So Moses went back to the LORD and said, “Oh, what a great sin these people have committed! They have made themselves gods of gold. But now, please forgive their sin—but if not, then blot me out of the book you have written.” Exodus 32:31-32
Of the men who went to explore the land, only Joshua son of Nun and Caleb son of Jephunneh survived. Numbers 14:38
Thinking today about the twelve spies in Numbers who explored and investigated the promised land and reported back to the people. Ten of the spies brought a discouraging report and two (Joshua and Caleb) brought a faith-filled report. The people went with the majority report and cowered from the task to which God had called them. All of them were cursed and sent to wander in the wilderness another forty years. Caleb and Joshua had to go with them.
I’m wondering if Joshua and Caleb had a regular Tuesday night support group for each other during those forty years of living under the consequences of everyone else’s mistakes. Can you even imagine the frustration…the pain of giving up forty of their best years to pay the price for other people’s sin? Can you imagine the temptation of gathering the entire assembly of Israel together on the annual anniversary of their collective cowardice and, together, Joshua and Caleb yelling out “We told you so!” But as far as we know, they did no such thing. As far as we know, Joshua and Caleb bit their tongues and continued to lead well throughout those forty years in the wilderness. That is what leadership sometimes calls us to do in the church…to suffer the consequences of other people’s mistakes.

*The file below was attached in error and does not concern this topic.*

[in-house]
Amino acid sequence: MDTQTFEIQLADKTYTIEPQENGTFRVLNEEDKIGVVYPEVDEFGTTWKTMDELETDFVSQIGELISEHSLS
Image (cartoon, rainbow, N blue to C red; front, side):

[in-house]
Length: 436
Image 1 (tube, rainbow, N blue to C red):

But not only is it a call to suffer consequences, it is a call …
“For everyone who exalts himself will be humbled, and he who humbles himself will be exalted.” Luke 14:11
This year, my home church celebrated a significant birthday. It is 150 years old. That, my friends, means something in excess of 7,000 covered dish suppers. Think about that. So we are spending all of this year reflecting on the last 150 years. It is truly great fun, even for those of us who are not necessarily history buffs. It is really interesting thinking about the historical events going on around those 13 dear souls who founded our church. Can you even imagine trying to start a new church at the same time the country is dividing for the Civil War?
So, all of this reflecting and celebrating got me thinking about the things we celebrate in the church.
I believe in the celebration of human achievement. I believe that, especially in a “volunteer army” like the church, pats on the back for a job well done are critical. I would even go so far as to say that every ministry team leader needs to be intentional about celebrating when volunteers get it “right”. That is just good leadership.
I also believe in taking the occasional glance back in history to remember (i.e., to celebrate) the sacrifices of those who have gone before us in order to make our lives (and ministries) possible. Again, that is just good leadership to keep us connected to our heritage.
But among God’s people, there is a far greater focus when it comes to celebrating. Far more important than celebrating human achievement in the church is the discerning, marking and celebrating what God has done among us. Like Joshua erecting the stone memorial so as to say, “Thus far hath the Lord brought …